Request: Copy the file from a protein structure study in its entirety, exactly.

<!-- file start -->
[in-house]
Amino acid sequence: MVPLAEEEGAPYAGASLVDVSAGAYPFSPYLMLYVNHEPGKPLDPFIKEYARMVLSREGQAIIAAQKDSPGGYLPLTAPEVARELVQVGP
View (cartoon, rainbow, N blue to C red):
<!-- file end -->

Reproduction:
[in-house]
Amino acid sequence: MVPLAEEEGAPYAGASLVDVSAGAYPFSPYLMLYVNHEPGKPLDPFIKEYARMVLSREGQAIIAAQKDSPGGYLPLTAPEVARELVQVGP
View (cartoon, rainbow, N blue to C red):